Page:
• Args: The number of arguments the user provides. In this case, there is exactly one: [address].
    • Short and Long: Descriptions for the command. A Short description is expected. A Long description can be used to provide additional information that is displayed when a user adds the --help flag.
    • RunE: Defines a function that can return an error. This is the function that is called when the command is executed. This function encapsulates all of the logic to create a new query.
      • The function typically starts by getting the clientCtx, which can be done with client.GetClientQueryContext(cmd). The clientCtx contains information relevant to query handling.
      • If applicable, the command's arguments are parsed. In this example, the argument [address] is parsed.
      • A new queryClient is initialized using NewQueryClient(clientCtx). The queryClient is then used to call the appropriate query.
      • The clientCtx.PrintProto method is used to format the proto.Message object so that the results can be printed back to the user.
  • Adds query flags: All query commands must add a set of query flags. The query flags are added to the constructed command using AddQueryFlagsToCmd(cmd).
  • Returns the command: Finally, the query command is returned.

Each module must implement GetQueryCmd(), which aggregates all of the query commands of the module. Here is an example from the x/auth module:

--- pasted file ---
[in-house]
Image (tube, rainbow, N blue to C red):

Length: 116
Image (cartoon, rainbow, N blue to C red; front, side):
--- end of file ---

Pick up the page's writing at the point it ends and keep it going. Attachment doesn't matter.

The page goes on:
x/auth/client/cli/query.go
loading...

Each module must also implement the GetQueryCmd() method for AppModuleBasic that returns the GetQueryCmd() function. This allows for the root command to easily aggregate all of the query commands for each module. Here is an example:

x/auth/client/cli/query.go
loading...

Flags

Flags allow users to customize commands. --fees and --gas-prices are examples of flags that allow users to set the fees and gas prices for their transactions.

Flags that are specific to a module are typically created in a flags.go file in the module's ./client/cli folder. When creating a flag, developers set the value type, the name of the flag, the default value, and a description about the flag. Developers also have the option to mark flags as required so that an error is thrown if the user does not include a value for the flag.

Here is an example that adds the --from flag to a command:

cmd.Flags().String(FlagFrom, "", "Name or address of private key with which to sign")